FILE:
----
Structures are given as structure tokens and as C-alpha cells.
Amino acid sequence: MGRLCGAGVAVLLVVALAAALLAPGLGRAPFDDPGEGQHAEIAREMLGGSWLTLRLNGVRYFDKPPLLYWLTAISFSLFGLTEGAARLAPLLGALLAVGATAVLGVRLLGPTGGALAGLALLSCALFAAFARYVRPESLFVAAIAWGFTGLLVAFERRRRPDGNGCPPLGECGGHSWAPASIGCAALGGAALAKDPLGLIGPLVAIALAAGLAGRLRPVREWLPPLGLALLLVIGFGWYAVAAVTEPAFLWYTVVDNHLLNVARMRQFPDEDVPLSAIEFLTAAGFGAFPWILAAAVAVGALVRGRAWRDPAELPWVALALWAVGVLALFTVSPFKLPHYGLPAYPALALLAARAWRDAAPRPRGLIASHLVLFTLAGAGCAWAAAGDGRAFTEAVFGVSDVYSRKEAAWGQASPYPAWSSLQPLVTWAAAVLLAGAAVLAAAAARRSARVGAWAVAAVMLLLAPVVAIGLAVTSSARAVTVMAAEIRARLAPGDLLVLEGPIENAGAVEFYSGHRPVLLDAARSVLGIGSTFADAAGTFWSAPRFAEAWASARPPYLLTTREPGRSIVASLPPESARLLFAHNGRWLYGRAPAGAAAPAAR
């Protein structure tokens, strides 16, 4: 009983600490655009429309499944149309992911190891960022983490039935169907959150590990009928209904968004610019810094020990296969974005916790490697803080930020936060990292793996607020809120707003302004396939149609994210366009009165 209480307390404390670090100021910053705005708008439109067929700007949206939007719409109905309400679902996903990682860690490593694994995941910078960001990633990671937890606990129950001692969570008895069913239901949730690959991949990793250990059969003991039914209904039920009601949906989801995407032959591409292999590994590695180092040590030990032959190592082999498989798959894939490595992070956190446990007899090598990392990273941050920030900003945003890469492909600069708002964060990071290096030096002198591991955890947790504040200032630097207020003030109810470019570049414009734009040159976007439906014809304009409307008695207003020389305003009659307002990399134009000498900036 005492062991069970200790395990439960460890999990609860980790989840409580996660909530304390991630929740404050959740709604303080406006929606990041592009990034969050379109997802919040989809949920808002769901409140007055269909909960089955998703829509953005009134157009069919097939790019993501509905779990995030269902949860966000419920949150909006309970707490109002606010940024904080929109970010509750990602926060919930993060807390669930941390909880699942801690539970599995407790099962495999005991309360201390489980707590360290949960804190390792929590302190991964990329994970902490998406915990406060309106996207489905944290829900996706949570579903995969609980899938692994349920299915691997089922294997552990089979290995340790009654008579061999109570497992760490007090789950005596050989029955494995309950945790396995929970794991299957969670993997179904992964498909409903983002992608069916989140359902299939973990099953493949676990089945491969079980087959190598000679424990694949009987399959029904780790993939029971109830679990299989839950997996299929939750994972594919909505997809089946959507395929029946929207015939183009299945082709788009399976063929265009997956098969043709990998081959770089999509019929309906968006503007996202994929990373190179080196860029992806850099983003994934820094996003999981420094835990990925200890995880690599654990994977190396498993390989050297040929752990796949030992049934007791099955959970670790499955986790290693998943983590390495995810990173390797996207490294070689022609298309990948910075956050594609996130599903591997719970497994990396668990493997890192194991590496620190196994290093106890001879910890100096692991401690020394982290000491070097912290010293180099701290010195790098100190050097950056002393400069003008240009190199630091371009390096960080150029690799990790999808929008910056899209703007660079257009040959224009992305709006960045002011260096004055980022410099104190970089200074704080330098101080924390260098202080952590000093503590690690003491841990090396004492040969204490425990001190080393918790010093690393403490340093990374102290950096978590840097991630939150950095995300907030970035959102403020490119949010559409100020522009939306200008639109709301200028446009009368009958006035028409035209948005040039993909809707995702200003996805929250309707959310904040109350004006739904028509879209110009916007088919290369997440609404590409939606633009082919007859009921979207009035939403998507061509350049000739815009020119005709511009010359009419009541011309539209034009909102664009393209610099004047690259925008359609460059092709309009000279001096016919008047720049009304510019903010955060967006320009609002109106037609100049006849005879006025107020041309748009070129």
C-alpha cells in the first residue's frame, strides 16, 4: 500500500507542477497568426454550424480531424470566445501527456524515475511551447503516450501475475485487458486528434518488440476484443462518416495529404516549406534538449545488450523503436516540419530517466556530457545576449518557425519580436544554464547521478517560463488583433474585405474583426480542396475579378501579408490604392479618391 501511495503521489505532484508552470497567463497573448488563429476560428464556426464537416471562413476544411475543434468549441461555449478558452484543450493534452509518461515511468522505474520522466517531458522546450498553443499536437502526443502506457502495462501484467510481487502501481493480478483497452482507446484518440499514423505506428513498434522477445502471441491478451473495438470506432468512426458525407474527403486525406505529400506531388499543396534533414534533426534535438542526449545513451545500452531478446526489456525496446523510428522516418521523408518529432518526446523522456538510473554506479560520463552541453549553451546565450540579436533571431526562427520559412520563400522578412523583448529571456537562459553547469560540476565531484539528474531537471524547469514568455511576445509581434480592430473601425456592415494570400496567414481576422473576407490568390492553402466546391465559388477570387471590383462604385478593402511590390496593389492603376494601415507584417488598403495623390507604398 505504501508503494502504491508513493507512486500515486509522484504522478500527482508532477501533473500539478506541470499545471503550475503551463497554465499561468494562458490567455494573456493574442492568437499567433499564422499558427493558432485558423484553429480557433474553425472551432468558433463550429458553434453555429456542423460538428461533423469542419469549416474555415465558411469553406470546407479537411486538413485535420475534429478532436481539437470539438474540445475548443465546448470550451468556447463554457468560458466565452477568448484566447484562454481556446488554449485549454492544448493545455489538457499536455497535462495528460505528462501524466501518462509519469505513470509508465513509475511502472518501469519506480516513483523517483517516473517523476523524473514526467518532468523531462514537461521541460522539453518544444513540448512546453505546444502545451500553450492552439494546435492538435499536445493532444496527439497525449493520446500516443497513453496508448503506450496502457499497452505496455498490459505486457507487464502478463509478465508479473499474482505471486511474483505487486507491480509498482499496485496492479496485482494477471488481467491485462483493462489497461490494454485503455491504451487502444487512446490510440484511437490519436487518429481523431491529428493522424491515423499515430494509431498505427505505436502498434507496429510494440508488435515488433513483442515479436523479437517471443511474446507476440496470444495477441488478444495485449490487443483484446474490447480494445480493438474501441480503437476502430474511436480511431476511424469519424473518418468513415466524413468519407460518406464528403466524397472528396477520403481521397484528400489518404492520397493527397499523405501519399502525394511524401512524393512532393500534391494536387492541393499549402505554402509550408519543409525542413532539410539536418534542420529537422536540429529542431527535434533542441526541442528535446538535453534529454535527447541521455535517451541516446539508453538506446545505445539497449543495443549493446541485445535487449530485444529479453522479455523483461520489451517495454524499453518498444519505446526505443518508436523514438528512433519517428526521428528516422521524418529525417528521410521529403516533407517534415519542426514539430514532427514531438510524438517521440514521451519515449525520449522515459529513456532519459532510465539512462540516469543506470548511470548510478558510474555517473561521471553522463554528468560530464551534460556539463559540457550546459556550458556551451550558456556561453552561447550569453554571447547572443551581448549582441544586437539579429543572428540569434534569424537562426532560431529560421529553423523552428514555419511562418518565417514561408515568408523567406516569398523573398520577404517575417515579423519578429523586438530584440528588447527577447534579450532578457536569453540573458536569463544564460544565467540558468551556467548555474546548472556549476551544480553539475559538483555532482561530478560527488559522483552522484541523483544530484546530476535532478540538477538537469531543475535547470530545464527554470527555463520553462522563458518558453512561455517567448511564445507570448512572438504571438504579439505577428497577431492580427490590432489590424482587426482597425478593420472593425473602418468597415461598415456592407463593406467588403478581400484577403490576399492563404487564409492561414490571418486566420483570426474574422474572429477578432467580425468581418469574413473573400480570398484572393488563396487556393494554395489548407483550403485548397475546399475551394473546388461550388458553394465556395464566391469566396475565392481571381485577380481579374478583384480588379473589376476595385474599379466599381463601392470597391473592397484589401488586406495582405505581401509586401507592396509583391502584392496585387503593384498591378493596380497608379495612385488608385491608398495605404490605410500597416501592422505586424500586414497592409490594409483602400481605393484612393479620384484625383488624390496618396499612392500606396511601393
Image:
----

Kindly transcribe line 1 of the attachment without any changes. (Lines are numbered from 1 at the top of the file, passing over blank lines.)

Structures are given as structure tokens and as C-alpha cells.